I started the foundation after speaking with the IRS and getting some direction. The application process was daunting, to say the least. The application itself was about 30 pages and the instruction booklet was even longer. None of this included the variety of forms necessary to file with the state. The entire process, including four revisions for the IRS, took 10 months. I received my status just before our first fundraiser in October 2010. Achieving this goal was harder than getting my master’s. Bureaucracy and grief do not mix well. During this time the album release/Maxwells show was set off to the side. Getting non-profit status had become a full time job.
Escape Directors was the first band that The Project Matters supported? What was it about their music that made you recognize their potential?
The band selection, at least the first time around, was simple. We had considered an application process, but I wanted to make the decision myself based on certain criteria. First, they had to be from New Jersey, 21 years of age or younger, they had to write their own music, and each band member had to show some kind of goal in terms of a music career. In other words, even if they did not stay together as a performing group, individually, they would have aspirations to stay involved in music in some way. Lastly, it had to be a rock ‘n roll band somewhat similar to Ben’s Green Arrows. We did not want a garage band that was only interested in summer gigs. The search began on the Internet, searching new, young bands, which took me to MySpace pages, tour dates, and shows, which led to other band names. I checked festivals and investigated hundreds of bands, checking their origins, ages, and of course listening to their music. I played around with this for about two months. Then serendipitously, I think through NJ.com, I came across Escape Directors.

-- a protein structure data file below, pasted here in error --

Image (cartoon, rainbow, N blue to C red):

I think in some cases a band receiving our support may feel a sense of responsibility to do well for the sake of the foundation. After all, TPM honors my son. In terms of appreciating support, I think anyone would gain confidence and inspiration knowing someone believes in and is willing to reward their efforts.They had quite an Internet presence, and I was able to get a sense of them as young men, and of course, their music captured me. Ladders was the first CD I EVER downloaded. One day while sitting in my living room,